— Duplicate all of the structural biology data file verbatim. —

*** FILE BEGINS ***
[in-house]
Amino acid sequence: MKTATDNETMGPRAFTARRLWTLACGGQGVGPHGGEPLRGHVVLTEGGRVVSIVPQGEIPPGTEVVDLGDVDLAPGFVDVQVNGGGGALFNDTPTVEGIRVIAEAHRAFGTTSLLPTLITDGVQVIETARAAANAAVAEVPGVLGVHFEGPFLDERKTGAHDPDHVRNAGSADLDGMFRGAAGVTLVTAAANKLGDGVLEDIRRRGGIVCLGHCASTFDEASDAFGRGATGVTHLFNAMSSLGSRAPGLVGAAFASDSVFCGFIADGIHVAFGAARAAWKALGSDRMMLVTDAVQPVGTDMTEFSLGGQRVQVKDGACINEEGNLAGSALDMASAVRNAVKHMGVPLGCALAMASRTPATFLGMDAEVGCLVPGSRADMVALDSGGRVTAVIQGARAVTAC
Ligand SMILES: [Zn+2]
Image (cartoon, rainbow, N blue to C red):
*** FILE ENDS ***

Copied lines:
[in-house]
Amino acid sequence: MKTATDNETMGPRAFTARRLWTLACGGQGVGPHGGEPLRGHVVLTEGGRVVSIVPQGEIPPGTEVVDLGDVDLAPGFVDVQVNGGGGALFNDTPTVEGIRVIAEAHRAFGTTSLLPTLITDGVQVIETARAAANAAVAEVPGVLGVHFEGPFLDERKTGAHDPDHVRNAGSADLDGMFRGAAGVTLVTAAANKLGDGVLEDIRRRGGIVCLGHCASTFDEASDAFGRGATGVTHLFNAMSSLGSRAPGLVGAAFASDSVFCGFIADGIHVAFGAARAAWKALGSDRMMLVTDAVQPVGTDMTEFSLGGQRVQVKDGACINEEGNLAGSALDMASAVRNAVKHMGVPLGCALAMASRTPATFLGMDAEVGCLVPGSRADMVALDSGGRVTAVIQGARAVTAC
Ligand SMILES: [Zn+2]
Image (cartoon, rainbow, N blue to C red):